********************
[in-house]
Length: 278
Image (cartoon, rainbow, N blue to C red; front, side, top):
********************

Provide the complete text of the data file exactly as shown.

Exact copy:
[in-house]
Length: 278
Image (cartoon, rainbow, N blue to C red; front, side, top):